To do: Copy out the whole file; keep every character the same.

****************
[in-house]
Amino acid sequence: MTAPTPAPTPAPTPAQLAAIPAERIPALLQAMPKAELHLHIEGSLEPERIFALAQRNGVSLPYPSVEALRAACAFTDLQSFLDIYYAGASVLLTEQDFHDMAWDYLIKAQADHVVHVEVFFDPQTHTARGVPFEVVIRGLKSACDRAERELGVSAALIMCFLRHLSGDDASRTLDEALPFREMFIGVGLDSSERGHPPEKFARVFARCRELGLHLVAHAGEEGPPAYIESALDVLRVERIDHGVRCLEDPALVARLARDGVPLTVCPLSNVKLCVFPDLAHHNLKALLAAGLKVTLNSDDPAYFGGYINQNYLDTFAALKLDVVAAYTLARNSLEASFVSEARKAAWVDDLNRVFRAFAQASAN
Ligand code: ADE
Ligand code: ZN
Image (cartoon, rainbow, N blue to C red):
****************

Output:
[in-house]
Amino acid sequence: MTAPTPAPTPAPTPAQLAAIPAERIPALLQAMPKAELHLHIEGSLEPERIFALAQRNGVSLPYPSVEALRAACAFTDLQSFLDIYYAGASVLLTEQDFHDMAWDYLIKAQADHVVHVEVFFDPQTHTARGVPFEVVIRGLKSACDRAERELGVSAALIMCFLRHLSGDDASRTLDEALPFREMFIGVGLDSSERGHPPEKFARVFARCRELGLHLVAHAGEEGPPAYIESALDVLRVERIDHGVRCLEDPALVARLARDGVPLTVCPLSNVKLCVFPDLAHHNLKALLAAGLKVTLNSDDPAYFGGYINQNYLDTFAALKLDVVAAYTLARNSLEASFVSEARKAAWVDDLNRVFRAFAQASAN
Ligand code: ADE
Ligand code: ZN
Image (cartoon, rainbow, N blue to C red):